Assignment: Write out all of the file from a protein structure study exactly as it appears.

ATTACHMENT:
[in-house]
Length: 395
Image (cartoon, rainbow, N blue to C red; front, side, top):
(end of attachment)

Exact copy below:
[in-house]
Length: 395
Image (cartoon, rainbow, N blue to C red; front, side, top):